This season we’ve been lucky enough to work with a group diverse individuals – artists, musicians, DJs and creatives who all stand for something. At Dr. Martens we don’t just make shoes, we’re born out of innovation, creativity and lashings of punk attitude so we like to work with people who share this ethos.
Kojey Radical is one of these individuals, the name says it all, he’s a modern day renaissance man refusing to be pigeonholed into any profession, genre or scene. Coming up through an art background, this born and bred Londoner has turned his hand to design, fashion, music and now documentary-making and there’s no signs of him slowing down any time soon.
Describe Kojey Radical for the uninitiated…
I’m an artist. I don’t limit myself to one part, so I create poetry, art and music. Art is one thing, all aspects are conducive to the others, I never saw a difference between any of the creative arts. I just feel a need to express myself.
Where does the ‘Radical’ part of your name come from?
It’s a bit of a weird one actually, and it might not sound too cool. But I started drawing this comic book cover one day, I think I’d read The Amazing Spiderman and got inspired, so I drew a cover where I was the hero. I called the comic ‘The Escapades of Kojey Radical’ and that’s where the name comes from. Kind of an alter ego for me.
You’re making waves with the ‘fashion crowd’ recently. What does fashion mean to you?
I was a weird kid, I used to get dressed 6 or 7 times a day. Like I’d dress up, then go back upstairs, get changed. Repeat. I’d kind of dress in the mind-set of different characters and personas, so I think the way I dress has always been a creative outlet for me, and it’s part of the way I express myself. Always has been.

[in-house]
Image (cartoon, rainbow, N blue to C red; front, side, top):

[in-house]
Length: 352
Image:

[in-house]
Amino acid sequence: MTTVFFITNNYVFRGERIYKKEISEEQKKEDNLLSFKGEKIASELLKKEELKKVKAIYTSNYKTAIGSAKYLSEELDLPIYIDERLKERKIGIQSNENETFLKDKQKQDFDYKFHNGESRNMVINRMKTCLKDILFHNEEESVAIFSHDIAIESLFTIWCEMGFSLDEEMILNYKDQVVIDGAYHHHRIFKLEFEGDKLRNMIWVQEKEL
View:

Did growing up in Hoxton [a trendy part of London] influence your style?
You don’t really notice growing up that you live in this really influential place, also it’s a big area – where I grew up it wasn’t really the fashionable bit. As I got older – 15 or 16 – I’d go into Shoreditch and see all these artistic people which definitely did inspire me.
You’re starring in our latest campaign, rocking Doc’s. What was your first pair of Dr. Martens?
The first pair I bought myself was a Supreme collaboration pair – they were sick. I’ve still got them. Dr. Martens are a classic item, I feel like everyone has got a pair and can wear them in their own way.
What projects have you got coming up that you’re excited about?
I’ve got new music on the way, I feel like it’s been a long time coming. But it’s me who’s been holding it up, I can’t blame anyone else. I’m an independent artist so it’s all me. I’m a perfectionist so the time is right to release the music now. I’ve also got a lot of collaborations coming up – fashion, art, music. And I’m getting back into designing too.
You also recently worked on a documentary for Sky Atlantic, can you tell us about that?
Yeah, I flew out to LA to meet Frieda Pinto who stars in the new TV shoe Guerrilla with Idris Elba. I interviewed her, met some original Black Panthers and ended up making a tune using all those experiences. It was mad and so interesting to learn about the Black Panthers.
Do you think it’s important for artists to share their political views?
The whole world is political. Everything is politics. I think that’s something a lot of people who say they don’t care about it don’t realise. This conversation is everyday and people shouldn’t just engage with politics when they’re annoyed about something. If there are issues on my mind, then I’ll make a song about it. That’s how I engage in politics.
Sounds like a busy year. With so many strings to your bow, how do you find time to relax?
I feel most comfortable just chilling. Being in a candid moment of escape. London is so fast-paced that it’s rare to be able to take a moment and relax. Just to have a conversation, enjoy a moment. Even if I’m in the studio working, I’ll make that effort to have little moments of peace and silence.
Finally… what do you stand for?
Creating without inhibition.